• Mike at Seo Web design services

    I don’t believe it effects your rankings and if it does it is not a huge factor.

    It is googles job to provide the most relevant info which it feels is best and wether someone uses the same header tags everywhere should not majorly effect their rankings.

  • Adam

    I’m quite certain Google simply checks for at most 1 H1 header, and any subset of H2-H6 headers (making sure they are nested correctly isn’t too hard to parse). If the site follows those rules then it will score better…it’s not too hard to do and is probably a reward to sites that utilize good HTML documentation practices.

  • Shalom Issenberg

    Coding a site well is good for many reasons, but has little to do with SEO.

  • Mike

    I’ve always pondered this same question. I spend a lot of time making sure everything is correct, when the sloppiest pages seem to do just as well. I think it comes down to control. I can make sure my pages are validated, so even if that gives me a half a percent boost, I will do it because I can. (Where I can’t control exactly how Google ranks)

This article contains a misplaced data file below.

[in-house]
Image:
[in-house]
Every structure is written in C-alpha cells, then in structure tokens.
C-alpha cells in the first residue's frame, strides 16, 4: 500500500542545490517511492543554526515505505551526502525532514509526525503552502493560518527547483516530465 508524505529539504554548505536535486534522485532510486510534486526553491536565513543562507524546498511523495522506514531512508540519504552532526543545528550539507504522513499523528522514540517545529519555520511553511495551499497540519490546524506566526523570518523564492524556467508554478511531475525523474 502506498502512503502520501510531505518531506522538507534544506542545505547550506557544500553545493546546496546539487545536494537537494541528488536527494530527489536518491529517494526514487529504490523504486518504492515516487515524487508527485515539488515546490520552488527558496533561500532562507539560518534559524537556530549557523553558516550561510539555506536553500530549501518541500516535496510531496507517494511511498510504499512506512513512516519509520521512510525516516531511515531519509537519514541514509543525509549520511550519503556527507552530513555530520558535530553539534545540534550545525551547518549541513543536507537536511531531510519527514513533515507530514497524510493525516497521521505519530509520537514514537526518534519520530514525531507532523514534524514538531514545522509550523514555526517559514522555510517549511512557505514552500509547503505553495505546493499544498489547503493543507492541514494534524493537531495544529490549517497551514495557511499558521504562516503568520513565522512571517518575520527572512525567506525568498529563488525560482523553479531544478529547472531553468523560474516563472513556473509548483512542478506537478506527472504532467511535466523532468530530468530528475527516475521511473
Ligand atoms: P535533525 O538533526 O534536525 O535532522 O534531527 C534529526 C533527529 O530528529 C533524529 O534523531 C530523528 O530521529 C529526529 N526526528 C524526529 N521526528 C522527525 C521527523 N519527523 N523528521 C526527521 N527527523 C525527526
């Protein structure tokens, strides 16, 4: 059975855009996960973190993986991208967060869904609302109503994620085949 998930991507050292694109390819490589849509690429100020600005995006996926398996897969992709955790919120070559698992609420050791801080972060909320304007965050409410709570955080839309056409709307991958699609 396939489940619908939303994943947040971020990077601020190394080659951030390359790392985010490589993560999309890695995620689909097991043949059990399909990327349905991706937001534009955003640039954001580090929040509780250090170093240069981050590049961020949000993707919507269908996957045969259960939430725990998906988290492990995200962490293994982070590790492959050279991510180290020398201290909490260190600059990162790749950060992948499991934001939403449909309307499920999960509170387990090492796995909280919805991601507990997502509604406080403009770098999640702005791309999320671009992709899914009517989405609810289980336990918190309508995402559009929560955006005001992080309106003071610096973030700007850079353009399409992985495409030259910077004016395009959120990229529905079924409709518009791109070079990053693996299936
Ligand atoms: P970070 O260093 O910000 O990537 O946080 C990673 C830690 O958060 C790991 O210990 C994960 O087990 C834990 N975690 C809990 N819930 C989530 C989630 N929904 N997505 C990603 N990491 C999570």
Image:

• Andrew Miller

    I agree with @Shalom and @Mike. Regardless of whether or not validated code will result in slightly higher rankings, why WOULDN’T somebody strive to build sites that follow basic web standards? They are standards for a reason, because it makes websites easier for humans to use (accessibility, UX, usability, etc). Take care of those things and much of the rest will take care of itself.

    I, too, will be interested in your test findings though.

  • Ken

    Using the free validation tool provided by the W3C is also helpful in making sure everything is kosher.

  • Gry

    I really believe that propper html structure of teh page can not affect the position of this page in Google search results signifficantly. But since it does not cost much to keep the pages structured well, why not to ?

  • Jarlo Solde

    This is just plain stupid.